Friday, September 13, 2013

Marvin X reviews Sonia Sanchez--Wounded in the House of a Friend

Sonia Sanchez is a poet to be heard and not read: in the hearing is the reading, for she is in the oral tradition, going back to the Nile River poets, the Congo River poets and the West African griots, those walking encyclopedias who carried in their heads the mythology and rituals of the entire tribe or nation, such is Sonia. She is the priestess, the shaman lady of the African American Nation. She qualifies because of real life suffering, dancing down into the pit of hell to arise with understanding to tell you all, if you can stand the low down dirty truth, not the Miller Lite bs for the tender hearts, but stories of pain and love and love and pain that lead to understanding and transcending.
Sometimes the poems are so strong even the poet fears going there, down into the deep dark purple funk of their lives, although we must, otherwise poetry has no meaning. Still, we will often avoid my proverb, "Poets must study their poems." Or maybe there comes a time when we have mastered certain poems, certain myths/rituals.
I know every time I try to get Sonia to read “Wounded In the House of A Friend,” she refuses, says she ain't in the mood or anything to avoid going there. One night at Baraka's house I thought she was going to read it with me, since it is a dramatic dialogue poem for a male and female. When I thought we were ready to read, she eased over to the piano and accompanied me like she was Ornette Coleman. Now her piano playing was absolutely beautiful, but she left me hanging, reading both male and female parts. Being a dramatist myself, I didn't mind, but I wanted so much for her to join me, just to hear her voice.
“Wounded In the House of a Friend” is a most beautiful dramatic poem about the ungrateful male, or shall we say simply, a poem about a male dog. Maybe that’s why I love it so much and she hates it.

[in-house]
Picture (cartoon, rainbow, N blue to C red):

She hadn't found anything. I had been careful. No lipstick. No matches from a well-known bar. No letters. Cards. Confessing an undying love. Nothing tangible for her to hold onto. But I knew she knew. It had been on her face, in her eyes for the last nine days. It was the way she looked at me sideways from across the restaurant table as she picked at her brown rice sushi . . .               
Sonia is describing not only the male dog, but the transcendent artist who brings the rock of Sisyphus down on herself . And perhaps the reason she refused to read with me was because the woman in the mirror is so painful, even after months/years of detachment.
Some poems are like that, too hot to handle even years later.
Yeah. There was another woman. In fact there were three women. In Florida, Californian, and North Carolina. Places to replace her cool detachment of these last years. No sex for months. Always tired or sick or off to some conference designed to save the world from racism or extinction. If I had jerked off one more time in bed while lying next to her it woulda dropped off. Still I wondered how she knew.
There is a song by Ledisi called "Take Time" that a friend had the singer autograph to me. Take time for yourself, something the artist finds impossible to do, lost in the world of imagination or saving the world from extinction, although the world ain't going nowhere, only we are soon and very soon.